Rotator Cuff

The rotator cuff is a large tendon in the shoulder, which is important for normal movement of the shoulder, particularly lifting the arm from the side and turning the arm behind the back. Disorders of the rotator cuff tendon are the commonest cause of shoulder pain and can affect people at all times of life.

The commonest problems are:

  • Inflammation caused by injury or over-use of the shoulder.
  • Tearing of the tendon, usually caused by a fall or by a sudden movement of the arm. This most commonly happens in later life, beyond the age of 50.
  • Calcium formation, known as “calcific tendonitis”, with the formation of a calcium deposit within the tendon, which can cause local inflammation and interfere with free movement of the shoulder.

 
The term “impingement” is often used when describing problems caused by inflammation of the rotator cuff tendons. Impingement is not a diagnosis, but describes mechanical catching or rubbing of the tendon against the bony edges of the shoulder blade (the acromion process) when the arm is lifted above the head. Impingement of the tendon can cause inflammation and a large part of the treatment of rotator cuff disorders involves reducing the inflammation and preventing the tendon from impinging when the arm is used.

Symptoms of rotator cuff disorders can present in several ways, but most commonly develop either after injury or over-use of the arm, particularly when the arm is used above the head for long periods (decorating the spare bedroom for example!). Sometimes, there is no history of injury or over-use of the arm but the symptoms develop gradually over a period of days and weeks, until the pain is more persistent than disturbing sleep or lying on the affected side. Pain arising from the rotator cuff is usually felt in the upper arm between the shoulder and the elbow. It is an aching discomfort which is more severe when the arm is used, particularly above shoulder level and often there is a sense of something “catching” when the arm is lifted above the head, or once again when the arm is lowered to the side. This is referred to as “painful arc”.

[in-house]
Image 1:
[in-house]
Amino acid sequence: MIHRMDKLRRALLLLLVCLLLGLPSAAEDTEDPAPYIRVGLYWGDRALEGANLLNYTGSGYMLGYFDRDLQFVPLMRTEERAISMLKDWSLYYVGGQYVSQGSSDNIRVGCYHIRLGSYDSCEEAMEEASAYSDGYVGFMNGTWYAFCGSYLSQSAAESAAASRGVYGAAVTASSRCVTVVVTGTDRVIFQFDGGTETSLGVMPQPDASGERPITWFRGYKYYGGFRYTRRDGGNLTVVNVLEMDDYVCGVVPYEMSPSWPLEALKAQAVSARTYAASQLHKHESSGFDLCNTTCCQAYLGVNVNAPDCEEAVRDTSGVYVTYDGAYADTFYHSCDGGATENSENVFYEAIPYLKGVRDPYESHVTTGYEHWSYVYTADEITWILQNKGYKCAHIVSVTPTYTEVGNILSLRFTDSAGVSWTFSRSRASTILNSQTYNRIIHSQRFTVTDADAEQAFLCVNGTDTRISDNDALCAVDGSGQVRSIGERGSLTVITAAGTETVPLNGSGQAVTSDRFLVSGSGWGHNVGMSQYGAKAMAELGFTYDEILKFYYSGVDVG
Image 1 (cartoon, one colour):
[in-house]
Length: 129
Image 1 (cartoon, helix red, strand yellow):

Confirming the diagnosis of a rotator cuff problem is usually based on a clinical assessment and X-rays can be helpful, usually to exclude calcification of the tendon and any other problems, such as arthritis of the shoulder joint. Further investigations which are commonly used are an ultrasound scan of the tendon or an MRI scan, both of which are very sensitive investigations which can be used to look for a tear of the rotator cuff.

Treatment depends on the underlying cause of the pain. When inflammation is caused by injury or over-use, the principal objective is to reduce inflammation and to improve the function of the shoulder by performing exercises. Anti-inflammatory drugs can be helpful, particularly in the early stages, as can an injection of steroid (cortisone) in the space around the tendon, which is very effective in reducing inflammation. This is normally combined with an exercise programme to overcome stiffness in the shoulder and to strengthen the muscles, which help to eliminate impingement. This exercise is commonly called a “stretching and strengthening” exercise programme. In most cases, this form of treatment will be pursued for at least six months before considering surgical treatment. Surgery is usually “keyhole” to remove inflamed tissue from around the tendon and to increase the space between the tendon and bone to reduce impingement. The operation is termed “an arthroscopic subacromial decompression” and would be performed normally under a general anaesthetic as a day care surgery procedure in hospital.